#12 XXXI. RENEE DE L’ESTORADE TO LOUISE DE MACUMER, Letters of Two Brides, Translator: R. S. Scott [S]
12. A mother’s happiness is like a beacon, lighting up the future, but reflected also on the past in the guise of fond memories.
#13 XXXI. RENEE DE L’ESTORADE TO LOUISE DE MACUMER, Letters of Two Brides, Translator: R. S. Scott [S]
13. It is only in the act of nursing that a woman realizes her motherhood in visible and tangible fashion; it is a joy of every moment. The milk becomes flesh before our eyes; it blossoms into the tips of those delicate flower-like fingers; it expands in tender, transparent nails; it spins the silky tresses; it kicks in the little feet.
#14 XLV. RENEE TO LOUISE, Letters of Two Brides, Translator: R. S. Scott [S]
14. A mother, who is really a mother, is never free.
#15 Cousin Pons, Translator: Ellen Marriage [S]
15. Nothing so fortifies a friendship as a belief on the part of one friend that he is superior to the other.
#16 Lost Illusions, Translator: Katharine Prescott Wormeley [S]
16. To obtain a heart that is all your own, to be able to feel yourself utterly understood—is not that happiness?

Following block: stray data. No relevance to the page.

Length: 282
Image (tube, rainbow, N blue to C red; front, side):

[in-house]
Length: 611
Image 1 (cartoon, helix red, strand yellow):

#17 Cousin Bette, Translator: Sylvia Raphael [S]
17. Women always persuade men they have made into sheep that they are lions with a will of iron.
Unsourced Quotes by Honoré de Balzac
1. Ah! What pleasure it must be to a woman to suffer for the one she loves!
2. The heart of a mother is a deep abyss at the bottom of which you will always find forgiveness.
3. A good husband is never the first to go to sleep at night or the last to awake in the morning.
4. It is as absurd to say that a man can’t love one woman all the time as it is to say that a violinist needs several violins to play the same piece of music.
5. For a woman knows the face of the man she loves like a sailor knows the open sea.
6. Our worst misfortunes never happen, and most miseries lie in anticipation.